Cruise’s license to deploy and test fully-driverless vehicles in the state of California has been suspended by the California Department of Motor Vehicles (DMV). The decision was based on public safety concerns.
This decision does not impact the company’s permit for testing with a safety driver.
Cruise has issued a statement following a hit-and-run incident in which a human driver collided with a pedestrian crossing the street in San Francisco.
Cruise states: ‘Ultimately, safety is at the core of everything we do at Cruise – we want to drastically reduce the number of people injured and killed each year on our roadways. It’s with that mindset that we analyze incidents so we can identify opportunities to further enhance safety’.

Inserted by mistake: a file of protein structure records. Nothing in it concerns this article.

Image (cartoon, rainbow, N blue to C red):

It adds: ‘We aim to continuously learn and improve AV behavior, and in developing new simulation tests and rare scenarios, we can assess multiple variations of this type of incident and increase the robustness of the AV’s response’.
Cruise has received $10 billion from companies and investors, including GM, Honda, Microsoft, T. Rowe Price, and Walmart,